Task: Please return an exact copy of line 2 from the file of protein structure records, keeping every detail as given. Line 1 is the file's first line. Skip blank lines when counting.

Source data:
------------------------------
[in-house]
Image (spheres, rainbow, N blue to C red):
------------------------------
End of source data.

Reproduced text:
Image (spheres, rainbow, N blue to C red):